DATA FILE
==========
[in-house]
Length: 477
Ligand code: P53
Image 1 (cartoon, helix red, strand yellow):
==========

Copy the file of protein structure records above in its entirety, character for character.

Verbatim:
[in-house]
Length: 477
Ligand code: P53
Image 1 (cartoon, helix red, strand yellow):